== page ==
“Future accession treaties require unanimous agreement of all member states. So the UK will ensure this change is included,” he said.

Cameron also said he wanted to negotiate these changes for the whole of the EU, but if that proved impossible, he would want to see his policy changes included in a UK-only settlement.

UKIP leader Nigel Farage ironised Cameron said:  “What we saw was a prime minister playing catch up, once again behind the curb, very scared of the UKIP vote, realising he’s out of touch. It’s taken him ten years, ten long years to understand the scale of the problem with in-work benefits.

He also argued that it’s not possible to contain immigration as EU member “because we have total open borders with the other member states. The prime minister himself said that is something he isn’t going to challenge”, Farage said.

The leader of the Lib Dems Nick Clegg has said that there were “very serious question marks” about some of David Cameron’s plans, but that others are sensible.

“I think the danger for the Conservatives is that they repeat mistakes of the past, where they’ve over-promised and under-delivered on immigration, as they did on the net immigration target, which they’ve missed, and that does a great deal of damage to public confidence in the immigration system. That’s why I think it’s always important to focus on changes which are workable, credible, and deliverable in practice”, Clegg said.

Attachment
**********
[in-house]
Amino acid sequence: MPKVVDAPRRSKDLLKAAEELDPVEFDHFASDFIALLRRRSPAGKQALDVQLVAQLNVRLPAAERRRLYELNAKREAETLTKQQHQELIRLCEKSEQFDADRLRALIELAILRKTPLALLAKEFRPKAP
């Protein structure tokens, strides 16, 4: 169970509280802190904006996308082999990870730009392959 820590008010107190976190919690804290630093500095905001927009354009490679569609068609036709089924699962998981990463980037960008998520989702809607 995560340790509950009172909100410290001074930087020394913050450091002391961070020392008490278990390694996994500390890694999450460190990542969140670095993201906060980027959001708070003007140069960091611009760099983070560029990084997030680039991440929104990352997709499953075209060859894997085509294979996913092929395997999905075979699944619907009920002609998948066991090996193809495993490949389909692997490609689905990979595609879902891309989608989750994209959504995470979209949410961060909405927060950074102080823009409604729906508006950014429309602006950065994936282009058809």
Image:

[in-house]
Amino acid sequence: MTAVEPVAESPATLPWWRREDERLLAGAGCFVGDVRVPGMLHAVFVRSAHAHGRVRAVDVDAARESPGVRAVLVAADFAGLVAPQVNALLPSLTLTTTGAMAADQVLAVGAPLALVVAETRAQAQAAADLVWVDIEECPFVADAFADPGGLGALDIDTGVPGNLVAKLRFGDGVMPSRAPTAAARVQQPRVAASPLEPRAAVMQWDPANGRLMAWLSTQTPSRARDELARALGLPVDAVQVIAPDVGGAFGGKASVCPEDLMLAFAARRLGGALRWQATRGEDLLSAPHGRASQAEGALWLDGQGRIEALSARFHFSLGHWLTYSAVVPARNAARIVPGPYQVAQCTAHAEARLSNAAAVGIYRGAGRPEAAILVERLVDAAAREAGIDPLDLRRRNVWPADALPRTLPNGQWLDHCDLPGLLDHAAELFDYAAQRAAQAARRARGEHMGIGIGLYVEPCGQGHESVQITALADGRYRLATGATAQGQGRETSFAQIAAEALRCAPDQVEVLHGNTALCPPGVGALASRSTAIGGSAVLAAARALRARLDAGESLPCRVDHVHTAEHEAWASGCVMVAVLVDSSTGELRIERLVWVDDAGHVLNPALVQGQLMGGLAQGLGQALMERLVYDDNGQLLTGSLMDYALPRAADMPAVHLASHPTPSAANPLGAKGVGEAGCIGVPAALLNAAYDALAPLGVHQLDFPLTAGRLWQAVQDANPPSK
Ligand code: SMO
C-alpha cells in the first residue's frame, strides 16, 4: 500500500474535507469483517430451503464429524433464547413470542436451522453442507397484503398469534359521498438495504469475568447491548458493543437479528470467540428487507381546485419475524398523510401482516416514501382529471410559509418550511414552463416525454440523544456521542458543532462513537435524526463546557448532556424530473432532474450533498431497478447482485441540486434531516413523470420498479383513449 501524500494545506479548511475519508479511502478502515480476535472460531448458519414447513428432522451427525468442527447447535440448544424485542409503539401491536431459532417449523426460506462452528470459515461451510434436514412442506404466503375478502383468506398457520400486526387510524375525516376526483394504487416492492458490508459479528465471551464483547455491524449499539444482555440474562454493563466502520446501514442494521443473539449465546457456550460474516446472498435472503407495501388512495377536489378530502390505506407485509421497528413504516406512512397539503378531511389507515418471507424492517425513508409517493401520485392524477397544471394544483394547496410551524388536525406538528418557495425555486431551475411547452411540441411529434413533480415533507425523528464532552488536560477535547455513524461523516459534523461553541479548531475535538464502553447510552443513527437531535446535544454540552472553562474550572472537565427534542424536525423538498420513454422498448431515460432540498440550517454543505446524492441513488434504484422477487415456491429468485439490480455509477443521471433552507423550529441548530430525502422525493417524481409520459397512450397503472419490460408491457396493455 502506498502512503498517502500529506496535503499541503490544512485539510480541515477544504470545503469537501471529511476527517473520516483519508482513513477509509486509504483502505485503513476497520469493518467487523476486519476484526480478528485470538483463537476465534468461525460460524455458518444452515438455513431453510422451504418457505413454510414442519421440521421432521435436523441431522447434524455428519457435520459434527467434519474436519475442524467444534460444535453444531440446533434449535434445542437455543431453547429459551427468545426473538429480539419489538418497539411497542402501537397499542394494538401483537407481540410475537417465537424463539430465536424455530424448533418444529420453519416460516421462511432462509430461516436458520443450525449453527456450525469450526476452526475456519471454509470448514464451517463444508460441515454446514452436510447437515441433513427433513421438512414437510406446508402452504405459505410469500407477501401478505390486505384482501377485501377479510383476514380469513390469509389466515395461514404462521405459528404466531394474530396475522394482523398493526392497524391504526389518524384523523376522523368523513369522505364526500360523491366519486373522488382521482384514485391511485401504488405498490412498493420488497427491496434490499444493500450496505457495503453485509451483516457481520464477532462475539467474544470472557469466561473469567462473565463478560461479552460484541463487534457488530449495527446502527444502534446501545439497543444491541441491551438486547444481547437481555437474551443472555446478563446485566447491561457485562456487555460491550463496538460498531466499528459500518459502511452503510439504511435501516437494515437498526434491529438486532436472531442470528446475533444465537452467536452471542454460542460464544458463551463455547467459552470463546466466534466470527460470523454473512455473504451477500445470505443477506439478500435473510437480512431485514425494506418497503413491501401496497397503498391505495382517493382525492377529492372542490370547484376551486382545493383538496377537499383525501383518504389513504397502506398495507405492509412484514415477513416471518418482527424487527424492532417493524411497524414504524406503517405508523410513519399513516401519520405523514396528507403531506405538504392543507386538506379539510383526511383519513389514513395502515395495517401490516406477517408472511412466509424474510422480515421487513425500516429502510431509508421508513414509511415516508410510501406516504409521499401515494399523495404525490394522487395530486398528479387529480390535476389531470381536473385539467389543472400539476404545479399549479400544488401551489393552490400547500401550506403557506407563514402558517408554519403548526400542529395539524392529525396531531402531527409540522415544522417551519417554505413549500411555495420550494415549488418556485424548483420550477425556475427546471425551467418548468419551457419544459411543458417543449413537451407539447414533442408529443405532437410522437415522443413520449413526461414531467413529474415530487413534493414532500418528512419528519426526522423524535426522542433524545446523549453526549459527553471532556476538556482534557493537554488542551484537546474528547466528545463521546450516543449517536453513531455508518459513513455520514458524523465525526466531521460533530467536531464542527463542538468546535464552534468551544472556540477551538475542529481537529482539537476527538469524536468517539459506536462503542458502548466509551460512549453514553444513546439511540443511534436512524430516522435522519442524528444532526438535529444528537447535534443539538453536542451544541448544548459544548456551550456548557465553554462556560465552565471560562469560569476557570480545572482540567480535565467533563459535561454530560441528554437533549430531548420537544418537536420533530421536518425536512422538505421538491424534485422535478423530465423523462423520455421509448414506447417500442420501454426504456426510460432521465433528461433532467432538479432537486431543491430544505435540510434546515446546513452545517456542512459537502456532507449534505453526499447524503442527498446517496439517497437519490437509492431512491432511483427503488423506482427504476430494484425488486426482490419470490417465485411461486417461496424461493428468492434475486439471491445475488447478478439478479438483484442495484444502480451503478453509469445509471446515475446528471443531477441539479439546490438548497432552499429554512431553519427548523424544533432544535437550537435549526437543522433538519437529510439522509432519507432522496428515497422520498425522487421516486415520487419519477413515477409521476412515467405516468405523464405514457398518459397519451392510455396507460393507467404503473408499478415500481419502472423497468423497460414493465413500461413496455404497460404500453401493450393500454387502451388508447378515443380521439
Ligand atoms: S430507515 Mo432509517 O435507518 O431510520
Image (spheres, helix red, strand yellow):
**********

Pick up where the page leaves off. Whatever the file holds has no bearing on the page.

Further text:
Under growing pressure from the anti-EU UK Independence Party (UKIP) ahead of a May 2015 national election, and from some of his own lawmakers, Cameron has said he would try to curb EU immigration if re-elected.

Critics of Cameron argue his approach to the EU could undermine its principle of freedom of movement.

Cameron's Conservatives want to stop what they regard as welfare abuse by poor immigrants from eastern Europe with no jobs and no health coverage, and ease pressure on local services, such as health and housing. Critics accuse him of exaggerating the problem to curry favour with voters who might turn to UKIP.

Cameron's bid to cap immigration in a more systematic way has provoked warnings from the European Commission, which regards freedom of movement as sacrosanct.

In a study published last year, the Commission found little evidence of "benefits tourism" happening in Europe. In most countries, EU migrants represent less than 5% of welfare beneficiaries and these migrants make an overall net contribution to the finances of their host countries because they pay more in taxes than they receive in benefits, the study found.

Cameron has promised to try to reshape Britain's EU ties before holding a referendum on the country's EU membership by 2017 if he wins next year's election.

  • May 2015: UK general election
  • 2017: Proposed date for UK's referendum on EU membership